“For substantially all ideas are second-hand, consciously and unconsciously drawn from a million outside sources” – Mark Twain
In today’s age when you can have hundreds of copies capitalizing on the success of a single game (i.e. the numerous Flappy Bird clones), it is hard to come up with a truly original idea. To a degree, it is the art forgers of today who display more skill and technique, copying paintings detail for detail, than the masters of old. There is a certain respect afforded to those who can take an idea or concept and make it their own. While Volt is along the right path, it doesn’t quite do enough to make it truly unique.
The story of Volt is not necessary to understand the game, but it is enjoyable nonetheless. As a battery on its way to the recycling center, you were able to escape your fateful encounter with the compactor. Your goal is to make your way out of the facility, hindered by your unfortunate lack of legs.
The gameplay of Volt is the game’s focus and, delightfully, it delivers. The premise of the game is to use your limited number of electric beams to connect to walls and swing through the levels in addition to moving/destroying objects, turning switches, and charging generators. Similar to other physics-based puzzle platformers, the goal is to avoid all of the environmental hazards and enemies while traversing to the small exit door at the end of the level. First playing the game immediately reminded me of Cut the Rope or, my personal favorite, Icebreakers with an industrial theme thrown on top.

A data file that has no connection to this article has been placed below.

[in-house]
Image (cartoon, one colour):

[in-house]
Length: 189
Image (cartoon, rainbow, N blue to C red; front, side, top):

While Volt is satisfying on the most basic level, it fails to distinguish itself from any of its fellow games within the physics-based puzzle-platformer genre. Its art style is incredibly well done and the music is just the right mixture of metallic and haunting, but both of those aspects loose their impact if the gameplay doesn’t stick with the player. Add in the fact that the controls can sometimes be a bit tricky (I’d avoid playing with a mousepad), the game needs a few redesigns to truly memorable. Volt is a little too forgettable to suggest playing as there as many other games that are just as satisfying (and are free) though if you’re looking for more puzzle platformers you won’t be terribly disappointed. Sort of like if your parents got you a Toyota Prius instead of the souped up Chevy Camaro you asked for. The Prius works and does what it’s supposed to do, nobody really wants to drive a Prius (professional help is available for those who do).
[+Solid gameplay][+Pleasing visuals/music][-Nothing unique][-Controls sometimes tricky]